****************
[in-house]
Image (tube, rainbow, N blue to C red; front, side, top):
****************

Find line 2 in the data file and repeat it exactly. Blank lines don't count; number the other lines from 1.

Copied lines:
Image (tube, rainbow, N blue to C red; front, side, top):